This afternoon, I cooked myself lunch. I scrambled an egg with melted leek, split a whole wheat-millet muffin and popped it in the toaster, plated it all, garnished the egg with a bit of matcha sea salt and a basil leaf, filled a glass with water, then walked to my living room. I balanced the glass and the plate on the sofa and ate while reading The Glass Castle. When I finished lunch, I closed my book, took my plate back to the kitchen and put it in the sink to wash later, then went back to my desk to pick up some writing I’ve been working on.
Fifteen minutes later, my dog and my Dexcom alerted me to a critical missed step in this otherwise fairly standard daily activity.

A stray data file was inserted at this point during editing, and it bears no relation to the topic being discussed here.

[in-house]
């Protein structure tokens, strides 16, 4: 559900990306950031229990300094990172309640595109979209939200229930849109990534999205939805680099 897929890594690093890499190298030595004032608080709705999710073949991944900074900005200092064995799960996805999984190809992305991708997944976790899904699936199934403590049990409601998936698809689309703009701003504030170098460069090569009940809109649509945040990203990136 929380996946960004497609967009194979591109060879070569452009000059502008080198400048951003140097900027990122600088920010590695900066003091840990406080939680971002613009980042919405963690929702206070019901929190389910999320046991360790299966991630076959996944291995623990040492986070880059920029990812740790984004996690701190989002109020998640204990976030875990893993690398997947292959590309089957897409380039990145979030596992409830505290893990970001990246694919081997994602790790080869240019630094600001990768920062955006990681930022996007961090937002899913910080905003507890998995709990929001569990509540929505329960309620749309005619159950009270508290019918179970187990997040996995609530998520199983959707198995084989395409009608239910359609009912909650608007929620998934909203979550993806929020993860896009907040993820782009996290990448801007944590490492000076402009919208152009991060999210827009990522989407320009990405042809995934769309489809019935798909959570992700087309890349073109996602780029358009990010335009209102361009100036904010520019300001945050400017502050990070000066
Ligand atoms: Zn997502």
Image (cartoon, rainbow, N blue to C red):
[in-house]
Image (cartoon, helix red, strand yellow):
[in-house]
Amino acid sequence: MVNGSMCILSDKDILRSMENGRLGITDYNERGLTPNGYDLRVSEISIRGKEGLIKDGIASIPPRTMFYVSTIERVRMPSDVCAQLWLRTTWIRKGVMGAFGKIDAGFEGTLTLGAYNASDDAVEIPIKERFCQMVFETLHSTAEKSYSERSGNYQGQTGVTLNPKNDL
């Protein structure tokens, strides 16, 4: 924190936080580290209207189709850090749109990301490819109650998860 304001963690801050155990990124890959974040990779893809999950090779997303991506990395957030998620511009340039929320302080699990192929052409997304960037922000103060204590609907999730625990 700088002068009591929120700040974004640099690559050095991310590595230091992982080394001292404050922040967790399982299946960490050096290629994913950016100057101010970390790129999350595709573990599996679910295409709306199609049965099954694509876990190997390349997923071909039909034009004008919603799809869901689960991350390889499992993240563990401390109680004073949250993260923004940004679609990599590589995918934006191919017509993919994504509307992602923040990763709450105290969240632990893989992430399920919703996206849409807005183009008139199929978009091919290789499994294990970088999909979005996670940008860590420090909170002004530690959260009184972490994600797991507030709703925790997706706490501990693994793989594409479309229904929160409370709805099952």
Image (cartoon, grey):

I didn’t take insulin.
As of today, I have had diabetes for one thousand, five hundred and sixty seven days. 1,567 times three meals a day (not even counting snacks here) is 4,701 occasions that I’ve had since diagnosis to learn that, you know, taking insulin before eating is now an essential step of my day-to-day life.
Don’t they say it takes 21 days to form a habit?
I’m sitting here, waiting for the late insulin I took to kick in and feeling lightheaded and nauseous as my blood sugar continues to spike, and I’m struck by the absolute absurdity of this disease.
Every. Single. Time. that I eat, I have to inject myself with medication. Or else I could die. Isn’t that the most insane thing you’ve ever heard?
No conclusions here, today, just an observation about this totally insane, whack job thing that is life.